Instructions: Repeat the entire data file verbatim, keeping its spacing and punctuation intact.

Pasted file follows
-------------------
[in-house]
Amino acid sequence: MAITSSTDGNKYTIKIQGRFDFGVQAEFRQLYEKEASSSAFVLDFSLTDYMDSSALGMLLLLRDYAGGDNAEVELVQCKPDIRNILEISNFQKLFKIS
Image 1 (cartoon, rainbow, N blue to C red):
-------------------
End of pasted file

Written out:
[in-house]
Amino acid sequence: MAITSSTDGNKYTIKIQGRFDFGVQAEFRQLYEKEASSSAFVLDFSLTDYMDSSALGMLLLLRDYAGGDNAEVELVQCKPDIRNILEISNFQKLFKIS
Image 1 (cartoon, rainbow, N blue to C red):